The Maserati Biturbo is the cheap Maserati — and it gets a lot of hate from the automotive community. Today I’m going to review the Maserati Biturbo to see if it’s justified — and I’m going to review the Biturbo and show you all the quirks and features. I’m also driving the Biturbo, so I’m going to get out on the road and review the driving experience.
When the Biturbo was presented in December 1981, a new era started for Maserati. Alejandro De Tomaso’s plan to turnaround Maserati’s economic situation was the introduction of a compact coupé which offered first level performance and an interesting price setting.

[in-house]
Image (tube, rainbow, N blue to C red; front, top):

The purpose of this strategy was attracting new customers to Maserati. The Biturbo’s engine was a new and compact 90-degree V6 with a three-valve cylinder head design. The adoption of two small turbochargers was a world’s first on a production car, as was the Torsen limited-slip rear differential.
The Biturbo became a big commercial success thanks to its excellent performances and luxury interior, but first generation versions suffered from quality issues associated with a quick expansion of the production volumes.